Mead glorious mead! One of mankind’s earliest brews. The refreshing sacrament of dead Vikings in Valhalla. This honey wine is a delicious, sweet drink.
Yeast doesn’t metabolize honey particularly well so some yeast nutrients from your local brew store can help. Yeast nutrients are the bodies of dead yeast cells (among other trace nutrients), which the live yeast cannibalize to go forth and multiple.
- 1 gallon/16 cups of water
- 1.3kg of honey
- Yeast nutrients: 1/2 tsp (optional but recommended)
- Wine Yeast (ideally sparkling wine yeast – I use Lavalin 1116)
- The ratio for mead is typically 1 gallon of water to 1.3 kgs of honey. You could fill a full 19 or 23L carboy but I stuck with a 1 gallon recipe for my first brew to cut down on cost. Honey is rather expensive after all.
- Rehydrate your yeast as per the instructions on the packet.
- If the honey isn’t flowing, warm it up.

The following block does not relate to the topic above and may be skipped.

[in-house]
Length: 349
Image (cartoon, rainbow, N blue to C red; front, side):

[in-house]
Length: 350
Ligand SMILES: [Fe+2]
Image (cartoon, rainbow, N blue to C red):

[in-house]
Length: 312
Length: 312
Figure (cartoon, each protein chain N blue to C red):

- Mix the gallon of water progressively with the honey to ensure it’s dissolved into the water.
- Add the yeast nutrients and yeast and mix.
- Depending on the ambient temperature, the fermentation should be complete in 2-4 weeks.
- After the fermentation appears complete (no more bubbling), add the mead to bottles. You can drink it young or age for an extended period of time (months to years).
Honey contains botulism spores, which are difficult to destroy even with heat. The spores can grow into bacteria that produce a fatal toxin, especially in low acid environments with sufficient moisture.
Mead has an unfriendly pH level so the spores shouldn’t become bacteria. Nevertheless, like honey, toddlers and people with deficient immune systems should never consume mead (you shouldn’t give these people alcoholic beverages anyway but that’s another matter). The spores can survive inhospitable environments only to grow into the bacteria in the gut of people with weak immune systems.
All of this being said, you take your life into your own hands when consuming unpasteurized homemade products. I’m no health expert and I don’t play one on the Internet. You always take your own chances when producing your own food and drink.